Rosa laevigata Michx.

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Credits

Article from Bean's Trees and Shrubs Hardy in the British Isles

Recommended citation
'Rosa laevigata' from the website Trees and Shrubs Online (treesandshrubsonline.org/articles/rosa/rosa-laevigata/). Accessed 2020-08-05.

Genus

Common Names

  • Cherokee Rose

Synonyms

  • R. sinica Ait., not L.
  • R. ternata Poir.
  • R. nivea DC.
  • R. hystrix Lindl.

Glossary

glabrous
Lacking hairs smooth. glabrescent Becoming hairless.
ovate
Egg-shaped; broadest towards the stem.
petiole
Leaf stalk.
receptacle
Enlarged end of a flower stalk that bears floral parts; (in some Podocarpaceae) fleshy structure bearing a seed formed by fusion of lowermost seed scales and peduncle.
trifoliolate
With three leaflets.

References

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Credits

Article from Bean's Trees and Shrubs Hardy in the British Isles

Recommended citation
'Rosa laevigata' from the website Trees and Shrubs Online (treesandshrubsonline.org/articles/rosa/rosa-laevigata/). Accessed 2020-08-05.

A climbing shrub, growing over the branches of trees in the wild state, its stems armed with hooked prickles, sometimes mixed with needles on the branchlets. Leaves trifoliolate, but sometimes with five leaflets on cultivated plants, brilliantly glossy green and quite glabrous. Leaflets shortly stalked, elliptic or ovate, simply toothed, 112 to 4 in. long, about half as wide, of thick, firm texture. Stipules free from the petiole for most of their length, the free part soon deciduous. Flowers 3 to 4 in. across, pure white, fragrant, solitary, borne on a very bristly stalk, the bristles extending to the receptacle and usually to the backs of the sepals, which are 1 in. or more long, with leafy tips. Fruits red, 34 in. wide, thickly set with bristles, the sepals persisting at the top for a long time. Bot. Mag., t. 2847.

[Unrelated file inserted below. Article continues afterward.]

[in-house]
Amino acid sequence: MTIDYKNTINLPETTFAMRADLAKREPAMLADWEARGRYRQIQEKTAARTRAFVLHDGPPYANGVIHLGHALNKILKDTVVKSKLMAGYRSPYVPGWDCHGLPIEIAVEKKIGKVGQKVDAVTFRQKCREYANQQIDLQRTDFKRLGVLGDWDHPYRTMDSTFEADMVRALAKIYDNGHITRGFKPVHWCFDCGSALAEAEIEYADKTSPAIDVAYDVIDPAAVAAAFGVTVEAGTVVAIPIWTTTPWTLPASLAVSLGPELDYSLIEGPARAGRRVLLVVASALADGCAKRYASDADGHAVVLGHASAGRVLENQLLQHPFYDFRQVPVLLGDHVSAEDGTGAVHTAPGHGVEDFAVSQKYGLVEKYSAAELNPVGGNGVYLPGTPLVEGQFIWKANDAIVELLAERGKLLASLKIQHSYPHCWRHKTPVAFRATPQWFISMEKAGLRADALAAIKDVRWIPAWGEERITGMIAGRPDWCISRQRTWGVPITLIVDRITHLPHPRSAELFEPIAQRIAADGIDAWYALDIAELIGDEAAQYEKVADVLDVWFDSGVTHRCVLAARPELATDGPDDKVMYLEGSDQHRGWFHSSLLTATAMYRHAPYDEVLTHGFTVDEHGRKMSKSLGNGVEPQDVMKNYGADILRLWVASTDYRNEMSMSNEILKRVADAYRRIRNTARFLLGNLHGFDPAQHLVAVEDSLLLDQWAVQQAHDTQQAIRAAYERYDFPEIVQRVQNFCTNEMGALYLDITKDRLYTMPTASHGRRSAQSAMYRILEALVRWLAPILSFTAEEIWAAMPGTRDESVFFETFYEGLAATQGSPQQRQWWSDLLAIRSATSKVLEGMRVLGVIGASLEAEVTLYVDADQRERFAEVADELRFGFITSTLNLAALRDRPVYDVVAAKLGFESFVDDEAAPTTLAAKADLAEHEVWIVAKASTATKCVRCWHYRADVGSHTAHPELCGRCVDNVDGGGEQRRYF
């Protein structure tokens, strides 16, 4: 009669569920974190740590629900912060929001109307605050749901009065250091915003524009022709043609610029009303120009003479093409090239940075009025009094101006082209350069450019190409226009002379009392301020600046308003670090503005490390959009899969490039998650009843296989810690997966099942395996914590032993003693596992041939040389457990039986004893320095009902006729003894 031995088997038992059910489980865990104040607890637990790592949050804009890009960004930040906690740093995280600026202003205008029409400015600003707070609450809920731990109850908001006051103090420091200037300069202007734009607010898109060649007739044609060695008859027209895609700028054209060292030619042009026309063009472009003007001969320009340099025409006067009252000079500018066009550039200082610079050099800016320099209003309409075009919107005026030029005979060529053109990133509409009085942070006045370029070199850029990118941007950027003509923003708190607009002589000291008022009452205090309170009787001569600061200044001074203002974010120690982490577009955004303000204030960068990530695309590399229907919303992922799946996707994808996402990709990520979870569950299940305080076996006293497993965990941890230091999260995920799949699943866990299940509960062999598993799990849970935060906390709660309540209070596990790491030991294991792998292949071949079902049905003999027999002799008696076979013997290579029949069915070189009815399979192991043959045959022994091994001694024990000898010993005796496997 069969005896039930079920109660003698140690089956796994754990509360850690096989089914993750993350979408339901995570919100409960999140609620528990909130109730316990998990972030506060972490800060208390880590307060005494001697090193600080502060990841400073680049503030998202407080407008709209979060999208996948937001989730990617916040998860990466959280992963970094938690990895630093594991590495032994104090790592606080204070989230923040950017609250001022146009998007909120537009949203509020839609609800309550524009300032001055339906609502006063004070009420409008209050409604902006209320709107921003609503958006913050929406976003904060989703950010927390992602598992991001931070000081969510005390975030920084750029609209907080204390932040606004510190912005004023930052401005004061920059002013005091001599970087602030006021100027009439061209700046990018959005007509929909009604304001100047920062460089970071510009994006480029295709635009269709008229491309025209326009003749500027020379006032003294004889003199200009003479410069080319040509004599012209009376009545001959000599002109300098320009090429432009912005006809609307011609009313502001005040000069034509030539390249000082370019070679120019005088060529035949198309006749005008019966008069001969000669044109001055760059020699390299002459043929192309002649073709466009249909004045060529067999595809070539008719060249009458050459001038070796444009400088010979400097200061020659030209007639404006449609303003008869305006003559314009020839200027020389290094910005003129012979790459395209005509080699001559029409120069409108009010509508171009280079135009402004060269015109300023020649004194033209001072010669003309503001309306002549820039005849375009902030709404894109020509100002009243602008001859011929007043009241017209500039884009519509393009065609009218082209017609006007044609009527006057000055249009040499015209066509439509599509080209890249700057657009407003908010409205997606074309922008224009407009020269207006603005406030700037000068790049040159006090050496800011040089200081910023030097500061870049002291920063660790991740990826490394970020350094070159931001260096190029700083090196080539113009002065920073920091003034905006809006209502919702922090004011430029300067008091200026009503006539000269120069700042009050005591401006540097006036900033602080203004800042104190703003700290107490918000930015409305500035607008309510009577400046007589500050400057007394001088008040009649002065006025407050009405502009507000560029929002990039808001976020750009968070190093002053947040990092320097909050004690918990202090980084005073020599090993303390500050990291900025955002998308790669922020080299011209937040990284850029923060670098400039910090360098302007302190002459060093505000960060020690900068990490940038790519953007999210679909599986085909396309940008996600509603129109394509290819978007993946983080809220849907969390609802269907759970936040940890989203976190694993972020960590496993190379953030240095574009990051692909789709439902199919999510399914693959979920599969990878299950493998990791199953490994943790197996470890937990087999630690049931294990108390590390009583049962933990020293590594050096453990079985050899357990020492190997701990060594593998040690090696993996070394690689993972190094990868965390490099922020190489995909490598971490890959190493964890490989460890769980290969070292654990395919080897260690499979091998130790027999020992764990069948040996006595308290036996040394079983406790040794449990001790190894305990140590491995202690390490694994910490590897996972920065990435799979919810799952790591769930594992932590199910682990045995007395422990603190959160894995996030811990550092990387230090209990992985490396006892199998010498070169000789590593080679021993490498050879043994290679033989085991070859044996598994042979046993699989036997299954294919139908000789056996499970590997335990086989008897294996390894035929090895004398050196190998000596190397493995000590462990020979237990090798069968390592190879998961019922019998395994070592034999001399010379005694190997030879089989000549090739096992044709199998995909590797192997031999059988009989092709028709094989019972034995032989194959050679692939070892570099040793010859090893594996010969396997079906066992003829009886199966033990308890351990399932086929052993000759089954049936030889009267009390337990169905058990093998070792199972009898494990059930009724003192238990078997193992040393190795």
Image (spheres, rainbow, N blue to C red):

Native of S. China and Formosa, extending into the former Indochina and probably Burma; cultivated outside its natural range from an early date and naturalised in the southern USA. It was in fact first described in 1803 from specimens collected in Georgia, where it had been in cultivation since about 1780. According to Aiton, Philip Miller had it in the Chelsea Physic Garden in 1759 but, if so, it must have been lost. It is not known to have flowered in Britain until about 1825.

One of the most beautiful of all single roses when seen at its best, it is, unfortunately, too tender for the open air except in the warmer counties. Else-where it can only succeed in exceptionally sheltered sunny corners.

For hybrids of R. laevigata see ‘Anemone’, in the second part, p. 171; ‘Marie Leonida’, mentioned under R. bracteata, the other parent; and R. × fortuniana, in alphabetical order.

From the Supplement (Vol. V)

cv. ‘Cooperi. – Dr Nelson of the National Botanic Garden, Glasnevin, Eire, informs us that the correspondence between Lady Cuffe and Sir Frederick Moore, the then Director, has now been found. It is indeed the case that the seeds received at Glasnevin in October 1921 came from a plant at Maymyo. But this had originally been collected by Lady Cuffe herself ‘at Kutkai on the limestone plateau of the North Shan States … about 4,300 ft up and near streams’.